by Morbane

A/N: This piece came from an assignment to write something and include these keywords: milk bottles, muddy shoes, H20, dirty dishes, Ophelia. Broken TV optional.

I walk in, closing the door behind me, and you are here in the kitchen, Ophelia, smiling at me. You are holding milk bottles, as you would when we were little, and Dad was a milkman; you used to help, or as much as he would let you. And between two fingers, awkwardly but carefully held, because you liked it, a small dark spike of rosemary.

...Your muddy shoes. You got them from wading down by the beach, alone, where you always knew you shouldn't; Mum always scolded you. You were forever getting into trouble - like the time we had a new picture book at school and you liked it too much. It was a myth, about a girl who weaves inside out, making everyone think she's a witch, and she tries to warn them that their gods are angry... But they don't listen, and a volcano erupts, and they try to say sorry, but she's gone. Her eyes in the clouds and her smile in the earth... You stole that book, and I found out and stole it back to school, and then you were so angry, and that smile disappeared for a while.

That smile - you were a golden girl, with that smile, and you loved to swim, even though you weren't allowed to, so sometimes you sneaked out of school and walked to the beach. For you, it was such a long way... and when I came home and saw that smiling cloud on the horizon, warm against the blue, I almost knew... Ophelia.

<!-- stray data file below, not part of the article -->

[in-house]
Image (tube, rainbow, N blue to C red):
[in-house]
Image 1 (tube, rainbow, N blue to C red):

But your name was Laura.

At the funeral Mum read to you, from Shakespeare's Hamlet, about Ophelia - she loved Shakespeare, and she wanted us to love it too. And after that I never thought of you as Laura, but Ophelia. And Ophelia, too, drowned. That was all I knew about Shakespeare.

I wonder if I wanted to forget you, because I was older then, and I didn't want to be like Mum, breaking down, at first, just at the mention of you... later, only sometimes, at odd things - remembering your special nickname for a neighbour's cat. Once I came home and found her rocking, rocking, leaning over the sink and the dishes... her tears silently falling into the sink, splashing so softly into the greasy yellow dish-water; she wouldn't answer me.

But you didn't go, anyway, you stayed... Ophelia. With flowers, drifting, and always smiling. Your smile in the earth and your eyes in the clouds.

...I turn, and walk past you; you're there still, I don't need to turn my head to know. I go into my room, which is like a timeline of all the ways I've changed, and all of myself that's the same. I don't look back at you. Perhaps, when I return, you will be gone.

For all blocked writers, and for English teachers, especially Zali.

For the real Laura, whose story is not this one, but to whom I feel I owe this.

I'm really grateful for the reviews I've had. Thank you. No, the characters in this story are not directly related to real life characters. Most of the ideas came from Zali's keywords. In this story, the span of time between the death of "Ophelia" and the current time is only about four or five years. Yes, the picture book here is real, but I read it in primary school and can't remember what it was called.